Liturgy are a black metal band from Brooklyn, New York – a place more often associated with hipster indie than extreme metal. The band themselves perform in shirts and jeans, and though frontman Hunter Hunt-Hendrix delivers his vocals with an abrasive wail and drummer Greg Fox batters out incendiary blast beats, Liturgy have divided the metal community. This reaction is at once predictable and confusing. On the one hand I can see why black metal fans may not warm to Liturgy’s unconventional posturing, but on the other, I can’t understand why their progressivism is not more embraced.
Tellingly, the main objections to the band seem to encompass not necessarily their music, but rather the way they dress, and their unashamedly intellectual ideas – neither of which are seen to be in keeping with true ‘kvlt’ black metal. Granted, Liturgy don’t actually call themselves ‘black metal’ – they prefer the term ‘transcendental black metal’ invented by Hunt-Hendrix. In short, this sound seeks to create an ‘ecstatic’ rather than a nihilistic experience, and implies that the music will go beyond the boundaries of traditional black metal. But the focus on the aesthetic rather than the sonic in criticisms of Liturgy shows primarily that black metal is more than just music; it is an ideology, and secondly, that its ideology is completely static. Liturgy’s second album, insouciantly titled ‘Aesthetica’ in fact seems a knowing challenge to aesthetics-based detractors.
Transgression and tradition are among the main facets of black metal ideology, and Liturgy’s inversion of these to more positive concepts is seen as an assault on the fundamentals of black metal. But is it really an assault, or is it rather an evolution? Liturgy’s ‘transcendental black metal’ builds on established concepts in the genre to discover new forces and sounds in the music. There’s little doubt that since the mid-80s black metal has largely followed a sonic and aesthetic formula, regardless of whether this was only relevant within a certain timeframe in certain circumstances. This has led to a glut of black metal music, but arguably a dearth in quality. Sounds tend to evolve over time through some sort of dialectic, but because of black metal’s very ideology, change is seen as negative and dialectics are impossible due to black metal needing to remain ‘pure’. Defining the genre in terms of old traditions and transgressive beliefs lent a certain degree of honesty and solidarity to it, but its strength is being systematically pulled apart by identikit groups with no attachment to the circumstances of the genre’s initial genesis – surely a problem of tradition for black metal fans?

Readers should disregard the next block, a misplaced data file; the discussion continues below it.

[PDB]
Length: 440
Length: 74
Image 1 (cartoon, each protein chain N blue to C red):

Liturgy on the other hand have taken black metal as a base to explore further possibilities of the sound, and ended up with a more expansive, sonically progressive interpretation. The passion of black metal often came in rage, but Liturgy switch this to ecstasy. In Hunt-Hendrix’s manifesto entitled ‘Transcendental Black Metal: A Vision of Apocalyptic Humanism’, he also argues that nihilism = affirmation, lunar = solar, and purity = penultimacy. Nonetheless, this level of intellectualism is a problem in itself, not just for black metal fans, but for everyone. There is a definite danger of being caught up in ideas and allowing the music to become sterile and vaguely ridiculous. If black metal is to do with raw ‘feeling’, then Liturgy are living evidence of the mind/body problem – where their music is all mind. Some of their tracks sound more like experiments than songs, and this can be alienating whilst also showing inconsistency on Liturgy’s part for preaching about transcendent emotions but making thoroughly cerebral music.
Nonetheless it sometimes takes a bit of brains to be inventive, and Liturgy’s sound is clearly something new for black metal; taking as much influence from Brahms and Steve Reich as they do from Emperor and Mayhem. Mixing cyclical minimalist structures, Romantic harmony, and black metal heaviness is certainly interesting, if not compelling. Liturgy are trying to distil the power of black metal, and turn it into something new, away from the clichés and stereotypes. The skill and bravery required to do this is considerable, and they should be applauded for at least trying.
(Originally published on SoundShock)
(Originally published on SoundShock)